Pro­vid­ing an exemp­tion is evi­dence that the gov­ern­ment could more close­ly tai­lor its pol­i­cy so that it is less restric­tive. 21 How­ev­er, this gen­er­al analy­sis may be more nuanced. Ban­ning cer­tain prayer and con­gre­ga­tion, while allow­ing for par­tic­u­lar case-by-case exemp­tions, can be dif­fer­en­ti­at­ed from ban­ning beards of a cer­tain length for some inmates and not oth­ers. For exam­ple, the reg­u­lar beard trim­ming required by the prison in Holt would pre­sum­ably occur less fre­quent­ly than night­ly con­gre­ga­tion and prayer. If so, then using exist­ing and pre­vi­ous­ly bud­get­ed resources to pro­vide for case-by-case exemp­tions – while uphold­ing the over­all reli­gious lim­i­ta­tion – might sat­is­fy the least restric­tive means inquiry. Courts should require pris­ons to pro­vide sig­nif­i­cant evi­dence of how declin­ing an addi­tion­al exemp­tion request is the least restric­tive means to pro­mot­ing secu­ri­ty. Fail­ing to require this evi­dence would like­ly cause severe and harsh con­se­quences to pris­on­ers and sig­nif­i­cant­ly reduce the pur­pose of RLUIPA, which is to pro­tect the reli­gious exer­cise of prisoners.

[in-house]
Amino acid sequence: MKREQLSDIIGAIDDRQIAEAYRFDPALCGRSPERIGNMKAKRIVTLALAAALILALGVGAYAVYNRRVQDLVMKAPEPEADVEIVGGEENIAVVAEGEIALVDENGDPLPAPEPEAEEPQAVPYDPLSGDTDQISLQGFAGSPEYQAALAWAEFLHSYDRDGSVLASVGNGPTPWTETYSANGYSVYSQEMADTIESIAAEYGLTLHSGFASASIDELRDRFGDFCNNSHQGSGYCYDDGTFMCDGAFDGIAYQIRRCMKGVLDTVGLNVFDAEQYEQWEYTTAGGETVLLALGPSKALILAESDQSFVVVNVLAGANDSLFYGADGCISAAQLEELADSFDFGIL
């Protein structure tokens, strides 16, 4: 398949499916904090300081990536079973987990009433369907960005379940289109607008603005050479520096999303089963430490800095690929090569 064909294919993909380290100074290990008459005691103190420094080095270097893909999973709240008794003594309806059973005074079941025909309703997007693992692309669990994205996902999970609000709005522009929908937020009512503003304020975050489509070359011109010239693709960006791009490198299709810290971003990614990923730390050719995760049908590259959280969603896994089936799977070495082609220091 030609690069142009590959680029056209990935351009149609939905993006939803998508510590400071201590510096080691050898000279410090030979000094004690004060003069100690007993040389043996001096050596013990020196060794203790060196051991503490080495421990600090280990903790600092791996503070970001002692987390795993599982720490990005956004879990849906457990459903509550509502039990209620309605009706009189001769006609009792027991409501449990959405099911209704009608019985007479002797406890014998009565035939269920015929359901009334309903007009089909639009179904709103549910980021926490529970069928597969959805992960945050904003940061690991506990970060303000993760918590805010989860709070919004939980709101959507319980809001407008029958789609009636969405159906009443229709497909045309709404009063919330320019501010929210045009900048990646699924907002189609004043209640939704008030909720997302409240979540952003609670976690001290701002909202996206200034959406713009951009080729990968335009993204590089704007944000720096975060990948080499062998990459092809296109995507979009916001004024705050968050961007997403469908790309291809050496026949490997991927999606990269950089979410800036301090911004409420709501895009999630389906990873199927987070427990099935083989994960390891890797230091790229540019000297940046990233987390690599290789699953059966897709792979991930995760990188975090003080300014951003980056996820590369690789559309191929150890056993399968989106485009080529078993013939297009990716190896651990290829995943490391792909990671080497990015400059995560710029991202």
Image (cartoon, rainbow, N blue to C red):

In a cir­cum­stance where a prison has reject­ed all exemp­tions (per­haps to avoid the rea­son­ing in Holt), courts should deter­mine whether an exemp­tion would pro­vide a less restric­tive means. Pris­ons may argue that pro­vid­ing an exemp­tion to one inmate or group of inmates may cause an unbri­dled flow of exemp­tion requests. How­ev­er, this slip­pery slope argu­ment was reject­ed in Holt. 22 In addi­tion, fur­ther­ing the prison’s inter­est in the least restric­tive man­ner may require a prison to allo­cate addi­tion­al finan­cial resources to accom­mo­date reli­gious needs. 23 A prison, con­cerned about secu­ri­ty and bud­getary lim­i­ta­tions due to exemp­tion requests, can find reas­sur­ance know­ing that it can reject accom­mo­da­tions that are exces­sive, would undu­ly bur­den oth­er inmates, or impact effec­tive prison oper­a­tions. 24 Yet, to reit­er­ate, pris­ons should not be per­mit­ted to rely on this argu­ment with­out sig­nif­i­cant sup­port­ing evi­dence. Instead, pris­ons should be required to pro­vide reli­gious exemp­tions to poli­cies restrict­ing reli­gious exer­cise, unless these facil­i­ties can ade­quate­ly prove that not acqui­esc­ing is the least restric­tive means to fur­ther their com­pelling gov­ern­ment inter­est. Addi­tion­al evi­dence could include how often any cur­rent exemp­tion is used, the cost of accom­mo­dat­ing an addi­tion­al exemp­tion request, and how the secu­ri­ty and safe­ty of the prison sys­tem would be jeop­ar­dized if the prison grant­ed the exemption.